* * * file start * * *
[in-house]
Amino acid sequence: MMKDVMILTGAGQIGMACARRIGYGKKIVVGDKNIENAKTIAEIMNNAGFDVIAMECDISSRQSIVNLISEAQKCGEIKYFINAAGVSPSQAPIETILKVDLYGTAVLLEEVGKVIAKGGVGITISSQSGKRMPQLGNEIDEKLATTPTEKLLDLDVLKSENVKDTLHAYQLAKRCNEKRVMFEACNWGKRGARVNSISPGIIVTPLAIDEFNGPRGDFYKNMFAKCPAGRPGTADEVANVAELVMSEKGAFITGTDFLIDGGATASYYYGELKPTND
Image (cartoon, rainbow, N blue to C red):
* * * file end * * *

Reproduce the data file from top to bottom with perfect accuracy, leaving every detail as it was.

[in-house]
Amino acid sequence: MMKDVMILTGAGQIGMACARRIGYGKKIVVGDKNIENAKTIAEIMNNAGFDVIAMECDISSRQSIVNLISEAQKCGEIKYFINAAGVSPSQAPIETILKVDLYGTAVLLEEVGKVIAKGGVGITISSQSGKRMPQLGNEIDEKLATTPTEKLLDLDVLKSENVKDTLHAYQLAKRCNEKRVMFEACNWGKRGARVNSISPGIIVTPLAIDEFNGPRGDFYKNMFAKCPAGRPGTADEVANVAELVMSEKGAFITGTDFLIDGGATASYYYGELKPTND
Image (cartoon, rainbow, N blue to C red):